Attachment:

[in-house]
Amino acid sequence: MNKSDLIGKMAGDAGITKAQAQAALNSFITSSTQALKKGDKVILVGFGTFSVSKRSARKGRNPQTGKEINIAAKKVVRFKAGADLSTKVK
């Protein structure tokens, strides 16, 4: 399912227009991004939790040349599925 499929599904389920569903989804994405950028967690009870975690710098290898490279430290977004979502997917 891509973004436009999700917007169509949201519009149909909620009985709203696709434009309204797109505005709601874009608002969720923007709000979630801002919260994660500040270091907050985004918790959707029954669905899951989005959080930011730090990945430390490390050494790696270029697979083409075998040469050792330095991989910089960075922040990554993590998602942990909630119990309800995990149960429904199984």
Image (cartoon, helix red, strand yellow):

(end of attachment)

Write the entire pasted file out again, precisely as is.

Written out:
[in-house]
Amino acid sequence: MNKSDLIGKMAGDAGITKAQAQAALNSFITSSTQALKKGDKVILVGFGTFSVSKRSARKGRNPQTGKEINIAAKKVVRFKAGADLSTKVK
């Protein structure tokens, strides 16, 4: 399912227009991004939790040349599925 499929599904389920569903989804994405950028967690009870975690710098290898490279430290977004979502997917 891509973004436009999700917007169509949201519009149909909620009985709203696709434009309204797109505005709601874009608002969720923007709000979630801002919260994660500040270091907050985004918790959707029954669905899951989005959080930011730090990945430390490390050494790696270029697979083409075998040469050792330095991989910089960075922040990554993590998602942990909630119990309800995990149960429904199984």
Image (cartoon, helix red, strand yellow):